What happens when a young writer and an astrophysicist meet up on a Bumble date? Well, in the case of Darrow (Jeff Ronan) and Lucia (Shubhangi Kuchibhotla), the main characters in Allan Maule’s lively new play The Weight of Everything We Know, making its world premiere through Theatre Raleigh, the answer would be a carefree hookup. Except on this particular date night, which opens the play, something major happens. The kilogram officially changes its mass, which means big problems for Lucia’s research and a sudden end to their Bumble date.
However, as viewers quickly learn, Darrow is nothing if not persistent, and he continues to pursue a frenzied Lucia, helping her not just with her work, but with a sudden immigration hearing as well. As the drama unfolds and their relationship strengthens, Maule’s believable, clever character banter guides the way, supported by Michael Berry’s active, energized direction. In his capable hands, these two characters never stay still. Instead, they’re always in motion. They walk across platforms, flail their hands, and run around the room in ways that feel completely natural and effortless and add to both the show’s realism and visual appeal. At one point, Darrow even brings out a Smart Board and speaks directly to the audience. That same board also projects other “characters” that move and interact without saying a word, opening up an entire world with a mere two-person cast.
All of this action plays out on Sonya Leigh Drum’s sleek, galaxy-themed set. Nestled inside the wonderfully intimate TR Studio Theatre, the set features a clear but loosely structured line of demarcation, highlighting the vastly different (but not impenetrable) worlds these two characters come from. Berry’s staging uses this smart setting to perfection, physically bringing the characters together and separating them as their emotional states and their relationship fluctuate.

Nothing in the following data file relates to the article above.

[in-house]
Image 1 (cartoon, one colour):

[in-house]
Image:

And, as the two “flirt over physics,” fight, and struggle to find common ground and a place a in each other’s orbit, the actors never miss a beat. Though Maule’s dialogue is wonderfully dense, Kuchibhotla and Ronan handle it with an effortless aplomb. Ronan, as always, overflows with endearing charm. He creates a sweet, devoted, but not pathetic Darrow, one who gazes at Lucia with an enamorment so real it’s palpable. Even when the jokes fly a mile a minute, he keeps up the comedic pacing with perfection, and when the time comes to get serious and deliver an impassioned monologue, he’s up for that challenge too, demonstrating an impressive range and making this well-written character all the more likable.
Similarly, doe-eyed Kuchibhotla helps make Lucia a rich, multi-faceted character, blending strength and vulnerability into a sweet melange. Together, their chemistry is unstoppable and causes viewers to take notice and root for these characters against all odds and logic.
That strong characterization is one of the many binders holding Maule’s quirky, original script together. As a writer, he also places full faith in his audience. Akin to Aaron Sorkin, he is not afraid to let his characters speak quickly and naturally. He allows them to bombard the audience with whiplash-style humor and emotion. Maule believes his viewers can keep up, and so they do.
The 80 minutes spent in Lucia and Darrow’s world fly by just as fast as the dialogue, and every moment is worth the gritty, gripping, and uber-charming ride. These are characters worth caring about, and this is a show worth seeing, one that proves the short play isn’t dead and, in fact, deserves new life.
This original story plays out through June 11, and tickets are available here.
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